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problem with curring in python


On 10/22/2019 6:15 AM, Antoon Pardon wrote:
> On 22/10/19 12:02, Terry Reedy wrote:
>> On 10/22/2019 4:58 AM, Antoon Pardon wrote:
>>> Using python 3.5
>>>
>>> I have been experimenting with curried functions. A bit like in Haskell.
>>> So I can write the following function:
>>>
>>> def sum4(a, b, c, d):
>>>  ???? return a + b + c + d
>>>
>>> summing = curry(sum4)
>>>
>>> print summing(1)(2)(3)(4) # this prints 10.
>>>
>>> The problem is I need the signature of the original function in order to
>>> know when to finally call the function and return the actual result.
>>> However buildin functions don't have a
>>
>> I believe most do.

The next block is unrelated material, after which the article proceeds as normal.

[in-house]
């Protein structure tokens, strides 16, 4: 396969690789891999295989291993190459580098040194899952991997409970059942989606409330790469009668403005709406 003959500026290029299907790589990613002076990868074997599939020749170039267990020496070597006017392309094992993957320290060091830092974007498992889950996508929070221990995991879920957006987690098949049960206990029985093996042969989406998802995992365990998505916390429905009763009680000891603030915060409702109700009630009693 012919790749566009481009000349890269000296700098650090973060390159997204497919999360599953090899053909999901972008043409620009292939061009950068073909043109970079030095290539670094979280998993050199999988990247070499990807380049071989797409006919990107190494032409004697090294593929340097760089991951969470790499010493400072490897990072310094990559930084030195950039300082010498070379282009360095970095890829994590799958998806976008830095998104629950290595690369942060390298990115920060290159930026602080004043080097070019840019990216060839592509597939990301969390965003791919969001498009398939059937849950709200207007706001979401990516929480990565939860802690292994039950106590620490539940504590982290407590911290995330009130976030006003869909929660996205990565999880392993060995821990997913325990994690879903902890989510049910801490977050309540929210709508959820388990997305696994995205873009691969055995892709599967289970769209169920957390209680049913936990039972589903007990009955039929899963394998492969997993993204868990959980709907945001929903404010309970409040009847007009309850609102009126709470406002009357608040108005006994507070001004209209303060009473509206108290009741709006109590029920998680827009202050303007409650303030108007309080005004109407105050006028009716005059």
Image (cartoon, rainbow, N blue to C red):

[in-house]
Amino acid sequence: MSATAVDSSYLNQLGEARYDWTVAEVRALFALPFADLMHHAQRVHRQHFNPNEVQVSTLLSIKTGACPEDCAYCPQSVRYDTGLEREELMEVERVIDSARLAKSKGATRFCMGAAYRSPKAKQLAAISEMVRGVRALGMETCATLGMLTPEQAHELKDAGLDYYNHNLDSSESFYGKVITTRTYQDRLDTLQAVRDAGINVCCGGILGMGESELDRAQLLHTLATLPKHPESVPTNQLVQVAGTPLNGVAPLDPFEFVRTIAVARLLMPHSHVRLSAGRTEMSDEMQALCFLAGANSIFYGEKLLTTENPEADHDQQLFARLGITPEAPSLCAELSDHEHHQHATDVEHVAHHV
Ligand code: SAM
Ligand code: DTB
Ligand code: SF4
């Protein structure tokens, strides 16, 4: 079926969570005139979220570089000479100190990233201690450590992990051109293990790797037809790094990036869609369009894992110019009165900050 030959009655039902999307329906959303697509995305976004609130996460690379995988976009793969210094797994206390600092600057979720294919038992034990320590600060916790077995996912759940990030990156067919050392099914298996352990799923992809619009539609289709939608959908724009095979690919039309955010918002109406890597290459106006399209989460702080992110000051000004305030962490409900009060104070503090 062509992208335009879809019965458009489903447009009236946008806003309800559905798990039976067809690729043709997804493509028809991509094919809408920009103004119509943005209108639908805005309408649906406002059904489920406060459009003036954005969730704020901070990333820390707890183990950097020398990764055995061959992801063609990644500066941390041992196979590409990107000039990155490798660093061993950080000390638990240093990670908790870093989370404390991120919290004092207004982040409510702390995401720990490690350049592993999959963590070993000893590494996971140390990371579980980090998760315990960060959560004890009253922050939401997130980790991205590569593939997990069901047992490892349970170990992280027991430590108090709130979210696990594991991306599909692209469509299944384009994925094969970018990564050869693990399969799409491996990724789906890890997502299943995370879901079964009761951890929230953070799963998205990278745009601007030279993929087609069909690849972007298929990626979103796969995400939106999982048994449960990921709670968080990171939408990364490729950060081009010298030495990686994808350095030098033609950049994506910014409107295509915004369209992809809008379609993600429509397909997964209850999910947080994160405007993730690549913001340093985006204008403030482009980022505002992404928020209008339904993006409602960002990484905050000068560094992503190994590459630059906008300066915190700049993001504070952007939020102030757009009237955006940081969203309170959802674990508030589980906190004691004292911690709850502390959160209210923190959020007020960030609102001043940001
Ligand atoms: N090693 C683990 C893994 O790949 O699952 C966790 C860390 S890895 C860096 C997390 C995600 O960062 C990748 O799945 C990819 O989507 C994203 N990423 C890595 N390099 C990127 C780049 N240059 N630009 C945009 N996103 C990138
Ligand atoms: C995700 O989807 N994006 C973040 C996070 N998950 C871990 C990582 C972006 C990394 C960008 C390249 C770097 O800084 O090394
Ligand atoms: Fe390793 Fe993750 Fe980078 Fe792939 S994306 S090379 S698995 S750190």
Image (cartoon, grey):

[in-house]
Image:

> 
> Well I may have jumped to my conclusion, but those in operator don't seem
> to have a signature.
> 
>>>> inspect.signature(operator.mul)

By default, 'python', to me, refers to the current, most recent version, 
now 3.8. As Peter Otten said, this now has a proper signature, added 
with Argument Clinic.

I read 'buildin functions' as 'builtins functions', functions in the 
builtins module, bound to '__builtins__' in the main module.  Of the 69 
functions listed in https://docs.python.org/3/library/functions.html,
43 have a proper signature (non-None __text_signature__) and 26 do not.
A majority if not 'most'.

For the alternate reading of 'built-in functions' (in the stdlib), the 
ratio of conversions to a proper signature may be lower.  The process is 
on-going.

-- 
Terry Jan Reedy